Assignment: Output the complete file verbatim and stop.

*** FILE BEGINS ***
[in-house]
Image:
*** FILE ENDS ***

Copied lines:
[in-house]
Image: